Monday, 28 January 2013
FOR A WEEK our hills and roofs and lanes and plans have been under a white blanket of snow. And all through those muffled bright-quiet days of strange hibernation, I was in bed ill, unable to go out and enjoy the cold beautiful winterness that shone in eerily through the cottage windows. Instead I read voraciously whilst my dear Tom brought me broths and tonics. The combination of being snowed in and bunged up added a layer of odd sadness to my days; I felt the winter whispering its song of profound death and stopping, as we huddled inside, unable to do anything but stop.
The snows are gone now, replaced by howling winds. These cold dark January days have pricked the hearts of several people dear to me with the sadness of death, and in their beautiful griefs, I honour them.
Dear friends Andy and Nomi, with whom we spent happy days just before Christmas, are now struggling to hold the huge sadness of losing their baby, in the womb five months. They have spoken eloquently of this, the unfathomable sorrow of having to give birth to a baby already dead, and of her naming, and her being. To Lyra May I send love.
A week ago my friend Gretel Parker, whom many of you will know through her wonderful illustration, felt-craft and well-loved blog, lost her life-partner and sweetheart Andy, who was found dead in the snow last Sunday. I am reeling from this news, and cannot imagine what Gretel is feeling. A campaign has been started by her friends to help her manage financially in these next months, as Andy had no will. His wage supported them and enabled their recent purchase of their forever-house, so if you can help Gretel in any way not to have to think about money in the midst of her grief, I know her huge online community of friends would be grateful.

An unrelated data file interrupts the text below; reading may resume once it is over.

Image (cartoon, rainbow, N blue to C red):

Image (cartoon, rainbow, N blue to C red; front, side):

And this week saw the one year anniversary of the death of our dear friend Thomas. In Friday's cold snow, a gaggle of his friends and beloveds climbed the hill where he is buried and planted hundreds of trees in the earth where he lays. We miss him terribly. But this year I have watched his wife Lunar navigate this, the sharpest of paths, with a grace and strength I didn't know was possible. She has flown on warrior-wings through the feather-ripping gales of grief. She has mothered her young daughter with skill and beauty. She has honoured her own grief with the pain and tears and joys and memories and humour and discomfort and incongruity of the days that follow on. I am honoured to call her a friend; she emboldens us with her strength.
The photograph above was taken in 1926 by Alter Kacyzne, a writer, poet, journalist and passionate photographer of Jewish life in Poland. The photo shows the village gravedigger of Biała Podlaska, Lublin province, teaching his grandson to read, whilst the boy's grandmother looks on with pleasure.
Most of Alter Kacyzne's photographs were completely destroyed during the second world war. The only pictures which survived, together with the captions he gave them, were those he sent for publication to the American Yiddish journal Forwerts.
Alter Kacyzne was beaten to death together with five hundred other Jews in the cemetery of Tarnopol by local Ukrainian collaborators during the German occupation of Warsaw, and his wife perished in the Belżec death camp. Their daughter was sheltered by a Polish family and so survived the occupation. Who knows how many of the subjects of his beautiful photographs died similar deaths at the hands of the Nazis?
One of the books I read whilst in my snow-confined sick bed was Fugitive Pieces by Canadian poet Anne Michaels - a beautifully-wrought work telling two Holocaust stories with a fierce art and a fine delicacy, and of love's power, even amid such atrocity as humans are capable of.
Near the end of the book, I read this:
The night you and I met, Jakob, I heard you tell my wife that there's a moment when love makes us believe in death for the first time. You recognise the one whose loss, even contemplated, you'll carry forever, like a sleeping child. All grief, anyone's grief, you said, is the weight of a sleeping child.
And I think that's true.